Forget mariachi's male-dominated culture. The all-female Flor de Toloache has officially caused a splash on the Mexican folk-music scene, and not just because of their gender.
Vocalist, violinist, and guitarrón Mireya Ramos founded the outfit as a three-piece in 2008, seeking an alternative to the all-men groups she’d been playing with. The band began performing on subway platforms and at bars and restaurants for free food and drinks; since then, they’ve grown to include 13 members, playing on average three to five nights a week at events throughout the city.
While remaining true to many of the elements that make up the mariachi tradition, the women of Flor de Toloache are not afraid to experiment. They're a diverse collective — both ethnically and musically — that draws from their various backgrounds (Dominican, Polish, German, Colombian) to play a fusion of traditional mariachi with soul, jazz, and pop.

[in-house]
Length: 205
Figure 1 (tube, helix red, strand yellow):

Solidifying their mark on the mariachi culture, next month, Flor de Toloache will embark on a pilgrimage to the annual International Mariachi Festival of Guadalajara, the birthplace of this musical phenomenon. (This journey will also be the subject of an upcoming film by Sonia Fritz-Macias, titled Mariachi with Pants.)
Ahead of their trip, group leaders Ramos and Shae Fiol open up about breaking such a long-held stereotype, why their group doesn't wear skirts, and how working with male mariachi actually made them stronger.